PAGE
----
"Would you have me," said the Athenian, smiling, "your mercenary or your friend?"
"My friend!" replied the barbarian.
"Then take back your gifts." 
III. In the mean while the new ascendency of Athens was already endangered. The Carystians in the neighbouring isle of Euboea openly defied her fleet, and many of the confederate states, seeing themselves delivered from all immediate dread of another invasion of the Medes, began to cease contributions both to the Athenian navy and the common treasury. For a danger not imminent, service became burdensome and taxation odious. And already some well-founded jealousy of the ambition of Athens increased the reluctance to augment her power. Naxos was the first island that revolted from the conditions of the league, and thither Cimon, having reduced the Carystians, led a fleet numerous and well equipped.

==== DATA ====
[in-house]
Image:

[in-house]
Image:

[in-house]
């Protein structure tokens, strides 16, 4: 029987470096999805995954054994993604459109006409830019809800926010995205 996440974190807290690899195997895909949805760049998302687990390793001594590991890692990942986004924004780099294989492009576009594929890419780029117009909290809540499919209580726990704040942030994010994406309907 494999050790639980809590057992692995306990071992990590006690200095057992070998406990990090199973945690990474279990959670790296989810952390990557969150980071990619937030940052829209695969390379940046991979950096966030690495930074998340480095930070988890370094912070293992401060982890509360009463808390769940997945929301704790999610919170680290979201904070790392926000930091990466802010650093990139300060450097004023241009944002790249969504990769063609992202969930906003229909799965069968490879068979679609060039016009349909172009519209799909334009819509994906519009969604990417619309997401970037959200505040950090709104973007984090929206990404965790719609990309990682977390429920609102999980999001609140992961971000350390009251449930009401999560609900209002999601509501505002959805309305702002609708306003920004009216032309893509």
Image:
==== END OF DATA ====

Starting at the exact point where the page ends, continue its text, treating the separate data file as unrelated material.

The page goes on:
Whatever the secret views of Cimon for the aggrandizement of his country, he could not but feel himself impelled by his own genius and the popular expectation not lightly to forego that empire of the sea, rendered to Athens by the profound policy of Themistocles and the fortunate prudence of Aristides; and every motive of Grecian, as well as Athenian, policy justified the subjugation of the revolters--an evident truth in the science of state policy, but one somewhat hastily lost sight of by those historians who, in the subsequent and unlooked- for results, forgot the necessity of the earlier enterprise. Greece had voluntarily intrusted to Athens the maritime command of the confederate states. To her, Greece must consequently look for no diminution of the national resources committed to her charge; to her, that the conditions of the league were fulfilled, and the common safety of Greece ensured. Commander of the forces, she was answerable for the deserters. Nor, although Persia at present remained tranquil and inert, could the confederates be considered safe from her revenge. No compact of peace had been procured. The more than suspected intrigues of Xerxes with Pausanias were sufficient proofs that the great king did not yet despair of the conquest of Greece. And the peril previously incurred in the want of union among the several states was a solemn warning not to lose the advantages of that league, so tardily and so laboriously cemented. Without great dishonour and without great imprudence, Athens could not forego the control with which she had been invested; if it were hers to provide the means, it was hers to punish the defaulters; and her duty to Greece thus decorously and justly sustained her ambition for herself.